1.1.9 effects of taxes on allocation

Most of the issues that are in the centre of public debate today are already discussed in Wealth of Nations. Due to the fact that the tax system was simple in the time of Adam Smith, the discussion is simple as well. Nevertheless, the central aspects to be taken into account are already considered.

1) effects on allocation
2) effects on distribution
3) efficiency of tax collection
4) aims pursued

We can distinguish three different types of taxes. The first type is imposed on the consumption of something. The most famous tax of this type is the value added tax. Of a similar kind are the taxes on alcohol, petrol, customer duties etc..

The second type are the taxes on profits of any kind: income of salaried work, income of self-employment, rent revenues, income from assets etc.

The third type are the taxes on the fortune, independently if this fortune yields any profit. Example of taxes of this kind are taxes on land, wealth, but as well the inheritance tax.

All of these different type of taxes have different effects on allocation and distribution. The costs of collecting these taxes are different and the aims pursued are different. We are not discuss this topic here in detail. However, few remarks are enough to see that Adam Smith discusses the topic under very special assumptions.

The value added tax is generally considered problematic concerning the just distribution, because poor people spend, in relation to their income, more on consumption than rich people and pay therefore, in relation to their income, more taxes. This contradicts the generally accepted idea, that richer people have to pay, in proportion to their income, more taxes.

At least in theory, the value added tax reduces consumption and increases. Therefore, we tend to save more. This can be useful in case of full employment. The increase in prices due to the value added tax will increase the tax revenue, allowing the government to spend more money on infrastructure. At the other side, the reduction of consumption will lead to a reallocation of productive resources. More capital goods will be produced and less consumption goods. In case of unemployment due to a lack of demand, the more normal situation, the value added tax is less useful.

Concerning taxes on specific goods, for instance, on alcohol, tobacco, petrol it is argued that they serve specific goal. Preventing people from drinking too much, promoting public health in the case of tobacco or environmental protection. In most cases, however, these taxes serve most of all to increase the tax revenue.

An advantage of the value-added tax is that it is less perceptible. The government is confronted with less resistance if it increases the value added tax than if it increases the income tax.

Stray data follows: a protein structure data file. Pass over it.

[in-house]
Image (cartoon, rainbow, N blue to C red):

The other argument in favour of the added value tax is less convincing. It is argued that the value added tax can be collected at low costs. This is only true if we consider the public administration. It is not true at all if we consider the burden imposed on the private sector.

In the centre of the public debate is, in general, the income tax. The income tax allows to take into account the personal situation, whether there are kids or not, if someone lives in the household who needs help, if people live together or are married etc.

Concerning the effect on distribution, we have a very wide range of opinions. However, one thing is pretty clear. If the government pays social welfare to people who don't earn enough to live, it doesn't make any sense to tax income below the level where this social welfare is paid, although this is what happens in many countries, for instance in Germany.

There are only few taxes on fortune. Taxes on fortune to be paid no matter whether this fortune yields any income would reduce the fortune if it actually yields no income. There are very few taxes of this type and the revenue deriving from this kind of taxes, for instance, a tax on land, it almost irrelevant (at least in industrialised countries.) A tax on fortunes is always a double taxation because fortune is normally the result of already taxed income. The most important case of this kind are owner-occupied homes and apartments. Fortunes of this type is part old-age provisions, and it, therefore, doesn't make any sense to tax them if at the other side private provision for one's retirement is subsidised by the government. (As it is the case in most industrialised countries.)

To a different degree depending on the type of taxes, taxation changes the allocation of resources. Sometimes it is even the goal of taxation to change the allocation. (A tax on fuel for instance aims to reduce the consumption of fuel.) Taxation always means that resources and power are reallocated by the government. The use of these resources is not steered by prices as in a market economy, see for instance perfect market, but by somehow arbitrary and uncontrolled governmental activities.